Barrett, an academic for most of her career, criticized the Supreme Court's reasoning for upholding Obamacare in previous cases despite not addressing the legal issue in the present case. She said during her hearings that she would be open about the case.

In contrast to the questions raised in the earlier cases, the views on separability are clearly not partial. Last term, in a unrelated Obamacare case, three Court Conservatives suggested that their views on separability might be beneficial to health Democrats.

Judges Brett Kavanaugh, in a statement by Roberts and Judge Samuel Alito, wrote that courts should generally separate an infringing provision from a broader law when the rest of the law can function independently. Kavanaugh wrote that it was "quite unusual for the rest of a law" not to be able to do so.

"Constitutional disputes are not a gotcha game against Congress, where litigants can commit a discreet constitutional error in a law in order to get rid of all otherwise constitutional law," wrote Kavanaugh.

Andrew Bab, partner at law firm Debevoise & Plimpton and co-head of the health and life sciences group, said another key factor for the judges will be the intent of Congress in passing the Affordable Care Act.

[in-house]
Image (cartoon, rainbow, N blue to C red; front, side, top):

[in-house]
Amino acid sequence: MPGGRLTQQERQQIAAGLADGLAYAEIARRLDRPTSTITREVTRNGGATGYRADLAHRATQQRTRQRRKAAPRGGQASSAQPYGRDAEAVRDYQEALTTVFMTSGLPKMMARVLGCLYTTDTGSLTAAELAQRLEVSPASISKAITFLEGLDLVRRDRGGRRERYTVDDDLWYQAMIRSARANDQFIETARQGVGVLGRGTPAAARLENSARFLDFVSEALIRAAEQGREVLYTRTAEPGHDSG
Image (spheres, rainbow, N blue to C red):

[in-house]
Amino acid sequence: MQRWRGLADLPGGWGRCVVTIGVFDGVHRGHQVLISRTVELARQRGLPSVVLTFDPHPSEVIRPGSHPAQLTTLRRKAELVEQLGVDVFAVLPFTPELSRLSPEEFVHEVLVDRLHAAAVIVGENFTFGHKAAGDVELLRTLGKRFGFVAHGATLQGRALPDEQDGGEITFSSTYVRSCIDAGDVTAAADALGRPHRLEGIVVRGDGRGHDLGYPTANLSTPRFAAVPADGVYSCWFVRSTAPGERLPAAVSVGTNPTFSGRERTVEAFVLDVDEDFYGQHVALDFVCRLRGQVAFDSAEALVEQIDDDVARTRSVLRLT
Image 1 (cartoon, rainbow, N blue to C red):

Bab noted that the individual mandate was part of Obamacare's so-called "tripod stool".

At the time Congress passed the Affordable Care Bill, Democrats argued that the individual mandate was essential for two more aspects of the bill to work: The requirement that insurers cover those with pre-existing conditions and subsidies to make insurance affordable close.

"How can Congress ever have intended the two legs of the stool to stand without the third leg?" Said Bab.

On the flip side, he explained the decision of Congress in 2017 to lower the individual mandate fine to $ 0 without removing all of the law cuts in the other direction.

"Not only did the legislature seem to intend for the law to continue to work, but it has continued to work, and at least we may not have seen the death spiral that led to the mandate," Bab said.

"These are not easy or sexy questions, and they are not the questions that many scientists would write a long time about," he added.

Due to Covid-19, the arguments will be held by telephone on Tuesday and broadcast live to the public. They start at 10 a.m.

The case is known as California v. Texas, No. 19-840.